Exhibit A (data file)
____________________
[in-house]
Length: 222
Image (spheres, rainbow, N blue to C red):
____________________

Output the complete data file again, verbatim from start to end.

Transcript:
[in-house]
Length: 222
Image (spheres, rainbow, N blue to C red):